BAE Systems has signed a new support, sustainment, and readiness agreement with the Norwegian Army for its fleet of 144 CV90 Infantry Fighting Vehicles.
The seven-year agreement with the Norwegian Defence Logistics Organisation governs the purchase of components and equipment, as well as management and engineering work. It includes maintenance of the System Integration Lab, which ensures that both the customer and BAE Systems can monitor vehicles’ current conditions and state of readiness to optimize vehicle performance and capabilities across the fleet.
“We are pleased to sign this contract to further secure the CV90 fleet for the future, both for ongoing sustainment and incremental capability upgrades,” said Maj. Gen. Lars Christian Aamodt, head of the Norwegian Defence Logistics Organisation. “We have today one of the world’s most modern Infantry Fighting Vehicles able to advance combined arms with air and sea systems. With this contract we aim to stay in this position for many years to come.”
This incremental upgrades and continuous improvements model, carried out as a combined effort between the Norwegian Army, local industry, and BAE Systems Hägglunds, will keep the combat-proven CV90 among the world’s most advanced Infantry Fighting Vehicles in service.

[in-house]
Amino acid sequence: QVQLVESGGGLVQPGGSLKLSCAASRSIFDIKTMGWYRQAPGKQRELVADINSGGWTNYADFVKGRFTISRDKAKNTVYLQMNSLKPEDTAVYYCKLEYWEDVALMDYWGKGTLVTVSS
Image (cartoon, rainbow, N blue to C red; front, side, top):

“We look forward to strengthening the trust and cooperation we have with our Norwegian customer, and building on the positive experiences with our Norwegian industry partners who are an essential part of this contract,” said Tommy Gustafsson-Rask, managing director of BAE Systems Hägglunds, which manufactures the CV90. “We are committed to going the extra mile to serve our Norwegian customer, along with other countries who operate the vehicle, who all benefit from being part of the CV90 User Club.”
BAE Systems Hägglunds, based in Örnsköldsvik, Sweden, is currently working closely with its Norwegian industry hub, including small and medium-sized businesses, to deliver 20 additional new CV90s to the Norwegian Army. The order includes engineering and multi-carrier variants as part of its effort to grow and modernize in the face of evolving threats.
Norway is one of seven European users operating the CV90. The others are Denmark, Estonia, Finland, Switzerland, Sweden, and the Netherlands.
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